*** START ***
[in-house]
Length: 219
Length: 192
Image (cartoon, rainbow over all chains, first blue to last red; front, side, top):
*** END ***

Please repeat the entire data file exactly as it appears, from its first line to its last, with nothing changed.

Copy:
[in-house]
Length: 219
Length: 192
Image (cartoon, rainbow over all chains, first blue to last red; front, side, top):